Sunday, August 30, 2009
Saturday, August 29, 2009
- Sandwiches: the sandwiches are pretty much all the same - tuna, turkey, meatball marinara - except for a couple listed under "local favorites" - avocado and chicken tikka. I stuck with my traditional veggie delite, but may have to try the avocado.
- Toppings: no banana peppers, but they did have grated carrots.
- Condiments: mayo, mustard, oil & vinegar, but also sweet chili oil, chili garlic sauce, and ketchup.
Tuesday, August 25, 2009
Sunday, August 23, 2009
This is how it works: you pay 80 HK dollars to get in, and they provide you with a huge firepit, long metal forks, and tons of food to roast in the flames. You grab a great slimy hunk of raw meat, jam it on your fork and hold it over the fire, sweating profusely, until it’s done. We had fish balls, meatballs, pork, beef, chicken, some things I couldn’t identify and, of course, hot dogs.
They also provide veggies wrapped in foil that you throw in the pit. These veggies come to you already wrapped up, so you have no idea what they are or how long they should be on the fire – you just toss them on the coals, drink several beers, sweat, drink several more beers, remember that there were vegetables somewhere and wonder where they are, see them on the fire, attempt to pull them out of the fire using two huge forks, drop them several times, finally manage to flick one out of the fire and across the floor, get it on your plate, unwrap it and wolf.
Then the power goes out. But you just stick another fish ball on your fork and keep on cookin'.
And it's the best thing you've ever eaten.
Last night was also a triumph because Kelly and I were able to use ALL of the Cantonese phrases that we've learned so far. These are pere dzao ("beer") and Lingnam dai hok (this is how you ask the taxi driver to take you home). As you can see, we have adapted well and are now almost completely native.
Friday, August 21, 2009
Thursday, August 20, 2009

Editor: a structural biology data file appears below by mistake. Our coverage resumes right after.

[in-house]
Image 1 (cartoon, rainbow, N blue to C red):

Wednesday, August 19, 2009
Monday, August 17, 2009
Sunday, August 16, 2009
Saturday, August 15, 2009
The party was on top of Pier 3 in the Hong Kong Harbor. The lights of the buildings are really gorgeous, and every night at 8 p.m. the skyscrapers put on a synchronized light show.
We had a few beers, then a few more. We ordered some Japanese-style barbeque. I had sirloin chunks on a skewer with that traditional Japanese dipping sauce, thousand island dressing; Kelly had samosas.
As the night wore on, things got stranger and stranger. The Filipino band played a rousing rendition of “Devil Went Down to Georgia.” Our Greek/German friend told a story about being an adolescent and being dared by a friend to visit a prostitute, but once he got to her room he saw a half-eaten cookie on her dresser and couldn’t get aroused. We requested “On The Road Again” and the band played something that approximated it. I went to introduce myself to the Norwegian language teacher, who was playing a Chinese card game at a table of guys who looked like supermodels. I walked over to their table, sat down, and promptly fell off my chair. I handed her a slip of paper with my email address, told her she could contact me there or on the floor, dusted myself off and ran.
Now I am eating the cutest pea snacks in the world and trying to recover.
Friday, August 14, 2009
In other metro news, I was standing on the train flipping through my HK guidebook when the car lurched forward. I grabbed for the pole and accidentally poked a small girl in the eye. She started to cry so I looked away really fast. Luckily her mother was distracted and didn't see what happened, and the child was too distraught to tell her. I jumped off at the next stop and ran for it.
Lunch was spicy chu-sha ramen at Ajisen Ramen - a Japanese chain that's crazy popular here. You go there, you're rushed to a table (which you share with people you don't know, who you suspect spend the entire meal snickering at your use of chopsticks, but which, since you don't understand snickering in Cantonese, you're not entirely sure about, so you can't get offended, and anyway, they have a point, because you suck at using chopsticks), your food is rushed to you, you slurp it down, and you're out the door before you know what happened. We also had Japanese style dumplings and deep-fried bean curd. All good.
We walked around a bit in Wan Chai, but it was raining like mad (monsoon season, remember), so we decided to head back to the metro. Oh, did I mention that we were in Wan Chai because we had to go to the Immigration Building to apply for our Hong Kong identity cards? Just so you know, bureaucratic buildings are the same all over - lots of going to a window, waiting for your number to be called, going to another window, lots of children crying, lots of irritating people on cell phones... Anyway, on the way to the metro station we passed a specialty food import store. We stepped in and discovered, glory of glories, a whole shelf of Old El Paso taco kits, cans of refried beans, salsa, etc. There was much rejoicing. Dinner was a beautiful affair last night.
Wednesday, August 12, 2009